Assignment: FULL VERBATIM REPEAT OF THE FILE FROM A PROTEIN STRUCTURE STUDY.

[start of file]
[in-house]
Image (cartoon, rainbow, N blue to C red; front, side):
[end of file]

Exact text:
[in-house]
Image (cartoon, rainbow, N blue to C red; front, side):